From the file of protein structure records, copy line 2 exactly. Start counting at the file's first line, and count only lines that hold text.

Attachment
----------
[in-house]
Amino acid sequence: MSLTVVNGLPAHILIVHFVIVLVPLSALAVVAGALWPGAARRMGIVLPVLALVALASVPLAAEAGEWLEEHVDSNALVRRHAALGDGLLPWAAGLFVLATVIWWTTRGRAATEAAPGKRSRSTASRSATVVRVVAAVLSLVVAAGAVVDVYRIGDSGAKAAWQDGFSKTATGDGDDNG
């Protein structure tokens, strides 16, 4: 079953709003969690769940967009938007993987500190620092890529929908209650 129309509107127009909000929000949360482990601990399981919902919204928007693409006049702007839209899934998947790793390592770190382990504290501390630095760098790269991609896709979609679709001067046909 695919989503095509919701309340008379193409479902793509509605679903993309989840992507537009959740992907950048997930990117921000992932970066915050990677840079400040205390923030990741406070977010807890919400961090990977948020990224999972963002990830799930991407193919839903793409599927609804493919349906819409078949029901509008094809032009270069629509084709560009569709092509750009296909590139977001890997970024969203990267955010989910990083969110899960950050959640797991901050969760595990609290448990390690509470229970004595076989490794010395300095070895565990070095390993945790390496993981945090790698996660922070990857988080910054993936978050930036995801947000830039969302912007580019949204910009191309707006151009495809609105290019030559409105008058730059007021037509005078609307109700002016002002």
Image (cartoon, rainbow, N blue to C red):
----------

Amino acid sequence: MSLTVVNGLPAHILIVHFVIVLVPLSALAVVAGALWPGAARRMGIVLPVLALVALASVPLAAEAGEWLEEHVDSNALVRRHAALGDGLLPWAAGLFVLATVIWWTTRGRAATEAAPGKRSRSTASRSATVVRVVAAVLSLVVAAGAVVDVYRIGDSGAKAAWQDGFSKTATGDGDDNG